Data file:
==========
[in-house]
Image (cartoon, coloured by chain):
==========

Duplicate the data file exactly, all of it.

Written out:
[in-house]
Image (cartoon, coloured by chain):